Wedding bells are back, but saying 'I do' looks a little different in 2021 - RED - Relevant. Essential. Denver.
Saying “I do” looks a little different in 2021. Here’s how Colorado’s $1 billion nuptial industry has adapted to the pandemic and what might come next.

Wedding bells are back, but saying 'I do' looks a little different in 2021

Here’s how Colorado’s $1 billion nuptials industry has adapted to the pandemic and what might come next.

October 6, 2021

By Cory Phare

Get ready, lovebirds – fall is upon us, and it’s Colorado’s top time to tie the knot.

“There’s just something about a blue-sky day over a mountain valley when the aspen trees are turning,” said Wendie Bass, an accredited wedding planner of 22 years.

Bass, who teaches Wedding Planning for Metropolitan State University’s School of Hospitality, said September and October are the busiest months for weddings, with a seven-week window accounting for 60% of the Centennial State’s $1 billion industry.

Over 35,000 weddings typically take place within the seven-county Front Range metropolitan area each year. But the past 18 months have been anything but typical. In 2020, the Covid-19 pandemic hammered the wedding industry, which saw a huge increase in postponed events and a 34% decrease in revenue, according to a report from industry researcher IBIS World.

Now, wedding bookings are on the rebound and are expected to significantly grow over the next couple of years. But they may look a little different, said Bass and some of her students who work in the industry

“Today, it’s less about the size of the event and more about celebrating family, love and ceremony,” said Katie Borras, a student in MSU Denver
“Today, it’s less about the size of the event and more about celebrating family, love and ceremony,” said Katie Borras, a student in MSU Denver's School of Hospitality. Photo by Shutterstock

To have – and on hold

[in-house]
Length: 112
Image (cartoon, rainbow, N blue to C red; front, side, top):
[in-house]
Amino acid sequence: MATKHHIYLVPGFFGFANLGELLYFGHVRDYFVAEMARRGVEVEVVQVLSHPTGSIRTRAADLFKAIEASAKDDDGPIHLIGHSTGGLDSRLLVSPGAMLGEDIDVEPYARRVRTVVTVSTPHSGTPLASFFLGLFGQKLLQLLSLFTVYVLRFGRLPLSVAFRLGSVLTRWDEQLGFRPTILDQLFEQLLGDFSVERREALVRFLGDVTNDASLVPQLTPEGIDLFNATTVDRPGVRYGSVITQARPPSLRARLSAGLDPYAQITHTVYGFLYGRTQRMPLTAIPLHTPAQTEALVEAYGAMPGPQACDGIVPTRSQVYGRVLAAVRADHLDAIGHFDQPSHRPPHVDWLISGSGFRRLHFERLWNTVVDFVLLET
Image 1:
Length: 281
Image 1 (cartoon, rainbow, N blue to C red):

2021 contains a lot of rebooking from 2020, Bass said. About 75% of the weddings right now are rescheduled from those deferred during the pandemic.

“Last year took out a lot of plans – and the professionals who were banking on them,” she said. “Not just that – the uncertainty of the Delta variant has a lot of people rethinking their 2021 plans (and) postponing further.”

Bass said inquiries into 2022 and 2023 continue to soar, a trend she sees continuing well into 2024.

Pared back and pot-friendly

Before the pandemic, “mega-weddings” – those with 400-plus guests – were commonplace, said Katie Borras, who worked for the Manor House, a Ken Caryl-based wedding venue. The Event and Meeting Management student noted that necessity has been driving more smaller, backyard affairs and elopements, a trend she sees continuing.

“Today, it’s less about the size of the event and more about celebrating family, love and ceremony,” Borras said.

A planning and floral-design contractor with Something Styled Events as well, she noted that the key for clients is finding a specific niche. That could include specialty options such as including a budtender alongside the bar in a cannabis-friendly state such as Colorado, noting the value of the multifaceted MSU Denver program for such arrangements.

Bass echoed the individualization trend, noting it’s a “good time to study” the rapidly innovating field for client expectations and logistical solutions – e.g., sourcing sustainable floral options amid disrupted supply chains.

Regardless of unusual surprises, however, Borras stressed the importance of professionals still thinking on their (sore) feet.